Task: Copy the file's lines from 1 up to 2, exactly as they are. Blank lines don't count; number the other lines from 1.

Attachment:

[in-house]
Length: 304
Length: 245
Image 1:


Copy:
[in-house]
Length: 304